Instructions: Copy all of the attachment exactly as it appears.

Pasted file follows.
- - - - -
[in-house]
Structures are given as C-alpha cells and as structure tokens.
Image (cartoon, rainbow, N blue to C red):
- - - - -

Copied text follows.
[in-house]
Structures are given as C-alpha cells and as structure tokens.
Image (cartoon, rainbow, N blue to C red):